As things stand, Democrats are unable to act as watchdogs. The Treasury and the Federal Reserve are managing a multitrillion-dollar crisis response under a cloak of darkness. The CARES Act includes weak oversight provisions, including the institution of an inspector general — whose work Trump intends to frustrate — and an oversight board without subpoena power. This problem is compounded by Pelosi’s appointment of Rep. Donna Shalala to be her designee on this board. The Florida Democrat has expressed a lack of interest in being aggressive and was found to have violated ethics rules by failing to disclose hundreds of financial transactions she has undertaken during her year or so in office. Meaningful oversight is more likely to be driven by House committees with relatively intrepid chairs, but only if Pelosi chooses to allow them to function remotely so that they can hold hearings, demand access to information, and even issue subpoenas.
The work that can be achieved in such settings can be profound. When the likely magnitude of the impact of the coronavirus was just becoming apparent in March, Rep. Katie Porter, D-Calif., gained notoriety for extracting a pledge from Centers for Disease Control and Prevention Director Robert R. Redfield that coronavirus testing costs would be covered even for the uninsured. If committees are not meeting, then this sort of exchange cannot take place.
According to research by Data For Progress, 67 percent of people polled supported remote voting and only 16 percent said the rules should not be changed (the rest were unsure). The public clearly wants Congress to keep working during the pandemic, and many legislators agree. In March, dozens of representatives signed various letters advocating for changes to House rules to allow remote meetings. “We need to provide a mechanism through which Congress can act during times of crisis without having to assemble in one place,” one letter with over 50 signatures insisted. The Constitution, the authors pointed out, permits each House to “determine the Rules of its Proceedings.” The founders may not have explicitly endorsed virtual voting, but they also didn’t prohibit it.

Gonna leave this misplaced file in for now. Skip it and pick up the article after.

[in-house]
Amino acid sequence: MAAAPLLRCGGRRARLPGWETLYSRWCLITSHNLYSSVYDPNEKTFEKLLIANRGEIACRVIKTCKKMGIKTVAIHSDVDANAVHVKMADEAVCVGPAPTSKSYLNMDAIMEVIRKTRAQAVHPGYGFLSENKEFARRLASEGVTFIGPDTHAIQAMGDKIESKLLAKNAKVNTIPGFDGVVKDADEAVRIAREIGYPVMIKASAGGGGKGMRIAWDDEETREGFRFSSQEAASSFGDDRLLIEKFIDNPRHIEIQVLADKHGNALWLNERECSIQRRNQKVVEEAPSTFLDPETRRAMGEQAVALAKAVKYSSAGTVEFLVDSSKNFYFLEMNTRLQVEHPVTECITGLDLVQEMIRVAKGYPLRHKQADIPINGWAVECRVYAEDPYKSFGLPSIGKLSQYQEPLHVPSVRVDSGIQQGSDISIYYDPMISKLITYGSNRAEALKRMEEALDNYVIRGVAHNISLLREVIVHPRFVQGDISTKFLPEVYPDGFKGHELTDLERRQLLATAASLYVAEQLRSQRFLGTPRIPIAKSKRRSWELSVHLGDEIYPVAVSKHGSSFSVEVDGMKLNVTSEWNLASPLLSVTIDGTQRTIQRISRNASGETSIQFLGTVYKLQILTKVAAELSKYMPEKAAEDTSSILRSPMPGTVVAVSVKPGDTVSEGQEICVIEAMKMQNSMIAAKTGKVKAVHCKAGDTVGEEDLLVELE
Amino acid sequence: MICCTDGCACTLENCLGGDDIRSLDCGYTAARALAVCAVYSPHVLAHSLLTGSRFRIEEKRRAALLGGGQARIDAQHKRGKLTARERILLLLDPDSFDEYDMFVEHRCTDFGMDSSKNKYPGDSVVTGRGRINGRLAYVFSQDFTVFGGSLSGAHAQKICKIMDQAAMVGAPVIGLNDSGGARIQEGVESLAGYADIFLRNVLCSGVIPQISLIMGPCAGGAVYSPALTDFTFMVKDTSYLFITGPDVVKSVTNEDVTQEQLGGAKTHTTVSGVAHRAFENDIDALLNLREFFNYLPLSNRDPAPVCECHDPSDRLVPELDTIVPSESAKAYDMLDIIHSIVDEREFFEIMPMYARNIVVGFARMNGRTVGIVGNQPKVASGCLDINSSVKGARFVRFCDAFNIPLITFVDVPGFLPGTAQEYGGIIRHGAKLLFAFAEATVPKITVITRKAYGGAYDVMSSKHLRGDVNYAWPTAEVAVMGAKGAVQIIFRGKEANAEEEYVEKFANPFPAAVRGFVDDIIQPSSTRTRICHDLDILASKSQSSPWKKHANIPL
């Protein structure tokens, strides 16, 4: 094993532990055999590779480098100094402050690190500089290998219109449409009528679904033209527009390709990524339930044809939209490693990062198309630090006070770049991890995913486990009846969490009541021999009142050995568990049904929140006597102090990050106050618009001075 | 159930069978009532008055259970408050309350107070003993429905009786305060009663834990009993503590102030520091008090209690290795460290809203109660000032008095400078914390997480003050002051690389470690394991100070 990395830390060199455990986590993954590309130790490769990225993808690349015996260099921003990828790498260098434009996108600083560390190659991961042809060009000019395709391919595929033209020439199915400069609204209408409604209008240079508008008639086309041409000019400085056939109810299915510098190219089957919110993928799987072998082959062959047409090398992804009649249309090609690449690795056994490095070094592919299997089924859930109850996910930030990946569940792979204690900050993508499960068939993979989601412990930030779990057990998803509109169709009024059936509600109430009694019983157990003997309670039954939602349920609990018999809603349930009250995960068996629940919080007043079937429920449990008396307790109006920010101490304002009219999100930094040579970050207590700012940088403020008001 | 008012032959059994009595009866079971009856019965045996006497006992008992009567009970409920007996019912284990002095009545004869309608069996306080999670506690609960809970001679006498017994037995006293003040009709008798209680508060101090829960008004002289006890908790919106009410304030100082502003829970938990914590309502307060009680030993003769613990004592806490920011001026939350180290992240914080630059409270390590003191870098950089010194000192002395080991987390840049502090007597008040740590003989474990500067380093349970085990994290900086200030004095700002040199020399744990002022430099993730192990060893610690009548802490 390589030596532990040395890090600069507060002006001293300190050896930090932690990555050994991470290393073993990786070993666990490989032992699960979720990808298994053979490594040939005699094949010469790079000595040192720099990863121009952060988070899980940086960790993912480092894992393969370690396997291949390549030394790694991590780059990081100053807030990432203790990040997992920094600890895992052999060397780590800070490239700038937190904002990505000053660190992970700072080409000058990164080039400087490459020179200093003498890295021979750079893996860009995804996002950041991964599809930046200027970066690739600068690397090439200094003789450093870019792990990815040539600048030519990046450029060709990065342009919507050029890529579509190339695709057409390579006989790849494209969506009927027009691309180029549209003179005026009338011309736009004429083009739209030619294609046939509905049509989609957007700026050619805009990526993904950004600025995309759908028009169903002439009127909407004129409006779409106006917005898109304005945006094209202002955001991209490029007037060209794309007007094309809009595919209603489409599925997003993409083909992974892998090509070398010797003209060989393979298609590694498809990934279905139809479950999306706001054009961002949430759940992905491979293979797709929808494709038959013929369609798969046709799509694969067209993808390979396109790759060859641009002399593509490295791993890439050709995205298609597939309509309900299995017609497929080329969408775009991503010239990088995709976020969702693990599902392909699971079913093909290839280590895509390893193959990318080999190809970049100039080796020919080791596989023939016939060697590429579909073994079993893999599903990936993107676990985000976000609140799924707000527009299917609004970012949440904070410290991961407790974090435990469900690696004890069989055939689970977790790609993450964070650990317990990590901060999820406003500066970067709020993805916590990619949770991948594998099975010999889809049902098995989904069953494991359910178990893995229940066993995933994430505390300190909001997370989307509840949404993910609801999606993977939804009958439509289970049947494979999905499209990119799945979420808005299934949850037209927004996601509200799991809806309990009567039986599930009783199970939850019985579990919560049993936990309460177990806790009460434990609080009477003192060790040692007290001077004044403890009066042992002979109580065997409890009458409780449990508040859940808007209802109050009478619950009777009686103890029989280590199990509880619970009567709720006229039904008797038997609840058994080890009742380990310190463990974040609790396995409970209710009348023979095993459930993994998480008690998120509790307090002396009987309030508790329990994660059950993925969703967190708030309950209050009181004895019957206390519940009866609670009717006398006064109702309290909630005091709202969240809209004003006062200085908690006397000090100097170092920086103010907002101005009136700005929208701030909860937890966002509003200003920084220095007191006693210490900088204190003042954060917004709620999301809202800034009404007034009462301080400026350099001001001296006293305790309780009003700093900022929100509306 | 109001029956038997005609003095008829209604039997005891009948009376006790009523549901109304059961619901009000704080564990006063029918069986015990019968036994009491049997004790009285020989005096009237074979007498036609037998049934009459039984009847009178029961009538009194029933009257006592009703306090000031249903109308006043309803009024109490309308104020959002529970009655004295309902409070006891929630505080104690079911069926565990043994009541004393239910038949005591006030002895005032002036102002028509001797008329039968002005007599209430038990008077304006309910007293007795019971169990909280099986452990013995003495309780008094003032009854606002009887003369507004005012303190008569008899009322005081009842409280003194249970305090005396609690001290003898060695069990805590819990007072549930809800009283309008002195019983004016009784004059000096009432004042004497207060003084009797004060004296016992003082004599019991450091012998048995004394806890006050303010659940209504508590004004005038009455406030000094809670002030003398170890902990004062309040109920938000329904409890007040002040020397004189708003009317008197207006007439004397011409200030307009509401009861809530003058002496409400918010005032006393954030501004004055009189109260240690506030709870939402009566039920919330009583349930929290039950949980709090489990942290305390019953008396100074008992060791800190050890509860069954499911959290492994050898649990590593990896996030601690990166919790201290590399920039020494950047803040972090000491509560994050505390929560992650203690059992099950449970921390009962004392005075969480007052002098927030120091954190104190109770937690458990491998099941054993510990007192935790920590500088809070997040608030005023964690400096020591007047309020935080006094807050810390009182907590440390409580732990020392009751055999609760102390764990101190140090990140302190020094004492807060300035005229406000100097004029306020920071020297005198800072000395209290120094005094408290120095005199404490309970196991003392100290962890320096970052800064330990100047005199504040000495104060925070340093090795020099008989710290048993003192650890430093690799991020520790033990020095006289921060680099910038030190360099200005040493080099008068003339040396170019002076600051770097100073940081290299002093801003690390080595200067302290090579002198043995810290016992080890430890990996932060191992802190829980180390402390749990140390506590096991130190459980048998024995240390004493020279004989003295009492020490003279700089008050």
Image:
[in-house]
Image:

As recently as a few weeks ago, Pelosi dismissed her colleague’s sensible calls for reform. “We’re not there yet, and we’re not going to be there no matter how many letters somebody sends in — with all the respect in the world for that,” she said. Under pressure from her peers and the public, spearheaded by advocacy groups like Demand Progress (of which David Segal, a co-author of this piece, is executive director), the speaker has since begun to change her tune, but because of her delay, she must navigate an increasingly complex situation. Fixing the rules requires the House to pass an amendment. If Pelosi tries to do this through unanimous consent, a Republican will block. This means she likely needs a majority vote, with a quorum present. That could happen this week, when the House comes back to consider Phase 4 coronavirus relief legislation — though many members are elderly, have underlying conditions, or are in self-quarantine, thus making it difficult to secure a quorum that Democrats control.
Activists and citizens pushing for a more robust response to the current crisis must take note. If we want better, more humane policies, congressional decision-making procedures must be fixed first.
We need a relief package that bails out regular people, puts stringent conditions on any public funds distributed to the corporate sector, and protects our electoral process by guaranteeing that all citizens can safely vote by mail in November. Progressive Democrats have leverage to fight for a just recovery, if only Pelosi will allow them to use it.
The pandemic has shown old rules need not apply. Even the stodgy Supreme Court, which doesn’t allow video recordings or real-time audio broadcasts of its proceedings, has begun to hear cases by teleconference. Congress recently made a change to allow members to introduce or co-sponsor legislation by email. Now, they must allow for remote voting and committee work. If millions of schoolchildren can learn to use Zoom overnight, Washington officials surely can too.